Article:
Editorial Feature

Understanding Cytotoxicity

Cytotoxicity is a term referring to the toxicity a substance poses to cells. It is often discussed in the pharmaceutical sector, most commonly concerning the safety of a pharmacological compound (e.g. a drug).

Image Credit: Komsan Loonprom/Shutterstock.com

Clinical trials often test for the cytotoxicity of a novel pharmaceutical drug to establish its safety profile. This informs scientists whether the drug is suitable for testing in humans or market approval.

The effects of cytotoxicity can be fatal. A cytotoxic compound causes damage to cells, sometimes death, through necrosis or apoptosis. A certain level of cytotoxicity is acceptable if studies show that the risks posed to the patient are minimal and the efficacy of the drug outweighs these risks. Often, chemotherapy drugs used to treat cancer pose a level of cytotoxicity to the patient.

For example, symptoms include nausea and vomiting, diarrhea (due to the damage caused to the intestinal mucous membranes), sores to the mouth, and difficulty eating and swallowing caused by damage to the mucous membranes of the mouth and pharynx.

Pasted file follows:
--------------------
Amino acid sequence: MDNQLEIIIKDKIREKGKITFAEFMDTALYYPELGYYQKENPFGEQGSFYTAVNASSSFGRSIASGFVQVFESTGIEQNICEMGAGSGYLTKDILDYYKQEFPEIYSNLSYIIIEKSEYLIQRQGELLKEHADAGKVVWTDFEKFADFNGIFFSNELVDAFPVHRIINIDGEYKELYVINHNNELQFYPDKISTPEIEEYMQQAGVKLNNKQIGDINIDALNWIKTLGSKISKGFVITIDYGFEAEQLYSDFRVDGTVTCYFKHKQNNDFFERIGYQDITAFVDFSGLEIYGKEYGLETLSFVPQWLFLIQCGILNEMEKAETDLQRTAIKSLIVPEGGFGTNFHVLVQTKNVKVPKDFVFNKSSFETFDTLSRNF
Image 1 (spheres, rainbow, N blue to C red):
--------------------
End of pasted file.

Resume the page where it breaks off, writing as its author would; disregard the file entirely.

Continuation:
Why Does Cytotoxicity Matter to Nanotechnology?

Nanoparticles are ultra-small particles of materials that measure just 1-100 nanometres in diameter. Due to their nanosize, they have unique properties compared with their bulk material counterpart, often due to their volume-to-surface area ratio.

Because of their unique properties, nanoparticles have already been widely adopted across industries to produce a number of products, including automotive and aerospace components, food packaging, construction materials, solar cells, long-life batteries, flat TV screens, electronic devices, sunscreens, toothpaste, cosmetics, and medicine. Medical applications include diagnostic tools, pharmaceuticals, regenerative medicine, surgical tools and implants.

In healthcare, nanotechnology stands to revolutionize treatment; particularly, it has the potential to provide next-generation treatments for cancer and other diseases that do not respond well to currently available therapies.